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December 5, 2023
We’re excited to introduce you to the always interesting and insightful Tom Kabbash. We hope you’ll enjoy our conversation with Tom below.
Tom, we’re so excited for our community to get to know you and learn from your journey and the wisdom you’ve acquired over time. Let’s kick things off with a discussion on self-confidence and self-esteem. How did you develop yours?
Growing up in Venice Beach, surfing became the first thing where I really excelled. I gained recognition from my peers, competitions, and sponsors. When faced with the challenge of learning new things, such as design, I applied my experience of repetition and years of intense practice that I had learned from becoming a skilled surfer to the process of learning design.
Thanks for sharing that. So, before we get any further into our conversation, can you tell our readers a bit about yourself and what you’re working on?
I have been involved in designing and creating brands within the eyewear industry for over two decades. My experience covers nearly every eyewear category, ranging from high fashion to high-performance eyewear, with manufacturing taking place in Italy, Japan, Taiwan, and China.
About four years ago, while holding a 3D printed part (non-eyewear), an image popped into my mind of a sunglass created from this material and process, produced by us here in the US.
The unrealized potential of 3D printing has been present for over 30 years, and today, it is starting to happen. We believe we are at the forefront of creating and delivering direct-to-consumer products crafted locally with the help of 3D printing.
After an extensive development and testing phase lasting over 2 to 3 years, I introduced Saunt Eyewear. It has been a dream come true for me. The ability to manufacture glasses locally has provided us with freedom from overseas factories, eliminating delays, duties, and shipping challenges. However, what I didn’t expect was the strong sense of community and valuable relationships we’ve built with local partners. By keeping manufacturing costs local, we not only streamline production but also support our local economy.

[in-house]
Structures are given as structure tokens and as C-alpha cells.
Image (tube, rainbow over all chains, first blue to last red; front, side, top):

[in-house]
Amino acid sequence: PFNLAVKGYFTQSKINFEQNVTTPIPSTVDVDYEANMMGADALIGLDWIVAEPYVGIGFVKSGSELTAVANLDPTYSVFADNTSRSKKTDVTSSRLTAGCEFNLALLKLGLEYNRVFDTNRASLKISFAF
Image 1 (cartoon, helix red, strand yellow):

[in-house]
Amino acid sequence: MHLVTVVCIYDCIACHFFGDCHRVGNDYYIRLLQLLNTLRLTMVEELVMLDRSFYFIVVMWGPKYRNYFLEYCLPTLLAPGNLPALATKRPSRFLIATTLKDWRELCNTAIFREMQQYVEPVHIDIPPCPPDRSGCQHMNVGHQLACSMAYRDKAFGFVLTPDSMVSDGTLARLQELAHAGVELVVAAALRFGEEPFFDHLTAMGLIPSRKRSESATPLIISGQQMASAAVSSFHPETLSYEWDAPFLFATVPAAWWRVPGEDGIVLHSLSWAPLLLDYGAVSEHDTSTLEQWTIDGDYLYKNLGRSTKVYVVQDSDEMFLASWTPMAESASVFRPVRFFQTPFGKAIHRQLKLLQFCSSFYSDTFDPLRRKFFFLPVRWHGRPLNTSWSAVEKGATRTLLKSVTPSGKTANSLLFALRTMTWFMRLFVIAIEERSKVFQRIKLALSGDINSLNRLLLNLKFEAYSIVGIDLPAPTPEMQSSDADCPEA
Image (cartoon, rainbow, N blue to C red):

Looking back, what do you think were the three qualities, skills, or areas of knowledge that were most impactful in your journey? What advice do you have for folks who are early in their journey in terms of how they can best develop or improve on these?
Although I feel as though I am just beginning my journey, I have been on this path for a long time. I am grateful that I have followed my keen interests in ‘things’ since I was a kid. Guided by my passion for surfing I would always be in the shapers room when I was getting a new board – and there were many. I was fascinated by board design and the factory nearly as much as I loved to surf, which sparked me into the world of creating, designing, and building cool things.
Staying the course – life and work experiences have taught me that it takes time to learn about the various aspects involved in developing and launching a new product and brand. I began as a trained designer from school, got the opportunity to become a brand manager, learning marketing, sales, and what it takes to run a small to medium-sized business. It wasn’t until much later that I started my own company.
Lastly, perhaps it is how I define success – people measure success in different ways, taking every imaginable path to achieve it. I gauge my success by how I feel about what I am doing, how customers experience my work, the people I collaborate with and their experience working with me, and financial success – all contributing to how I measure success. All these areas are a work in progress!
How can folks who want to work with you connect?
One of the most exciting aspects of producing eyewear locally, in the manner that we do, is that it opens up opportunities for a broader range of people to get involved with eyewear design without facing substantial and costly barriers to entry. Over the initial two years of our business, we’ve had the pleasure of collaborating with various individuals.
We teamed up with an artist based in Brooklyn, as detailed on our website. This artist was drawing glasses in his artwork, and together we created the Machinist style. The name pays tribute to his late father, who worked as a machinist.
Another instance, we enhanced one of our existing styles by adding intricate detailing to the arm, resulting in the Glide Ltd., a style inspired by a skater friend in San Francisco.
To create a collaborative style or a unique collection, certain minimum requirements must be met but again, the barrier to entry is very low. Our eyewear is distinct, made from 100% plant-based Castor Oil, has a unique organic surface, and feature a rich, earthy palette of colors.